Representative Markwayne Mullin (R-OK) has defended the Capitol Police officer who shot rioter Ashli Babbitt, parting with former President Donald Trump's version of events.
Speaking on C-Span for its January 6 Views From the House show, ahead of its Sunday release, Rep. Mullin firmly defended the officer's actions in the Capitol as rioters stormed the building.
Mullin broke from Trump's condemnation of the officer and said: "He was the last person in the world whoever wanted to use force like that and he wasn't prone to do that.
"I know for a fact because after it happened, he came over. He was physically and emotionally distraught. I actually gave him a hug and said, 'Sir, you did what you had to do.'"
Mullin continued: "He was doing his job. He got put in a situation where he had to do his job because there were (House) members still in the balcony.
"And if you're going to present your weapon...and give commands and they still don't listen and they still approach, you don't have a choice. Either you have to at that point discharge your weapon in...self-defense or that weapon is going to be taken away from you, it's going to be used on you and put all of our lives in danger too."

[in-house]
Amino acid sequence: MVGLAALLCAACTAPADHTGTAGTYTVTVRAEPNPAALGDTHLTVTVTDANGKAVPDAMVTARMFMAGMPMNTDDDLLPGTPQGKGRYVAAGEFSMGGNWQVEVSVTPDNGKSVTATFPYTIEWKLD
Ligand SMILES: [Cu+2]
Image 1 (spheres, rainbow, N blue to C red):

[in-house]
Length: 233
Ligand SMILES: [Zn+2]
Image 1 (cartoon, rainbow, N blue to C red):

His comments contrast sharply with the former president who has openly gone on the attack over Babbitt's death and turned the fatal shooting into a partisan talking point.
Earlier this month, Trump spoke about the riot in an interview with Fox News host Maria Bartiromo and claimed the officer who shot Babbitt was "a Democrat."
He said: "Who shot Ashli Babbitt? Why are they keeping that secret? Who was the person that shot an innocent, wonderful, incredible woman, a military woman?"
Trump added: "I've heard also that it was the head of security for a certain high official, a Democrat. And we'll see because it's going to come out."
Babbitt, 35, was an Air Force veteran who shared numerous social media posts about the QAnon conspiracy theory and also posted pro-Trump messages.
In a statement, the Justice Department said it did not find evidence the officer violated federal laws or information that conflicted with his account that he believed the shot had to be taken.
The release said: "Officials examined video footage posted on social media, statements from the officer involved and other officers and witnesses to the events, physical evidence from the scene of the shooting and the results of the shooting."
It added: "Based on that investigation, officials determined that there is insufficient evidence to support a criminal prosecution."
Newsweek has contacted Rep. Mullin and Trump's office for comment.